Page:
McFarland, S., and Brown, D. (2008). Who believes that identification with all humanity is ethical? Psicol. Polít. 36, 37–49.

Google Scholar

McFarland, S., and Hornsby, W. (2015). An analysis of five measures of global human identification. Eur. J. Soc. Psychol. 45, 806–817. doi: 10.1002/ejsp.2161

CrossRef Full Text | Google Scholar

McFarland, S., Hackett, J., Hamer, K., Katzarska-Miller, I., Malsch, A., Reese, G., et al. (2019). Global human identification and citizenship: a review of psychological studies. Pol. Psychol. 40, 141–171. doi: 10.1111/pops.12572

CrossRef Full Text | Google Scholar

McFarland, S., Webb, M., and Brown, D. (2012). All humanity is my ingroup: a measure and studies of identification with all humanity. J. Pers. Soc. Psychol. 103, 830–853. doi: 10.1037/a0028724

PubMed Abstract | CrossRef Full Text | Google Scholar

Mellers, B., Stone, E., Atanasov, P., Rohrbaugh, N., Metz, S. E., Ungar, L., et al. (2015). The psychology of intelligence analysis: drivers of prediction accuracy in world politics. J. Exp. Psychol. Appl. 21, 1–14. doi: 10.1037/xap0000040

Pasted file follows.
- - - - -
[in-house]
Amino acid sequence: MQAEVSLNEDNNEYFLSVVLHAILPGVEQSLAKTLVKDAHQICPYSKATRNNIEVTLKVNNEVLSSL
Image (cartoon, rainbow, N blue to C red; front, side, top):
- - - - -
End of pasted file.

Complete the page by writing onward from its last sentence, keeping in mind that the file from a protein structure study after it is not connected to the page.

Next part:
PubMed Abstract | CrossRef Full Text | Google Scholar

Menadue, C. B. (2020). Pandemics, epidemics, viruses, plagues, and disease: comparative frequency analysis of a cultural pathology reflected in science fiction magazines from 1926 to 2015. Soc. Sci. Humanit. Open. 2:100048. doi: 10.1016/j.ssaho.2020.100048

PubMed Abstract | CrossRef Full Text | Google Scholar

Menadue, C. B., and Cheer, K. D. (2017). Human culture and science fiction: a review of the literature, 1980–2016. SAGE Open. 7, 1–15. doi: 10.1177/2158244017723690

CrossRef Full Text | Google Scholar

Menadue, C. B., and Jacups, S. (2018). Who reads science fiction and fantasy, and how do they feel about science? Preliminary findings from an online survey. SAGE Open 8:946. doi: 10.1177/2158244018780946

CrossRef Full Text | Google Scholar

Mentovich, A., Yudkin, D., Tyler, T., and Trope, Y. (2016). Justice without borders: the influence of psychological distance and construal level on moral exclusion. Pers. Soc. Psychol. Bull. 42, 1349–1363. doi: 10.1177/0146167216659477

PubMed Abstract | CrossRef Full Text | Google Scholar

Mikkonen, J. (2015). On studying the cognitive value of literature. J. Aesthet. Art Crit. 73, 273–282. doi: 10.1111/jaac.12172

CrossRef Full Text | Google Scholar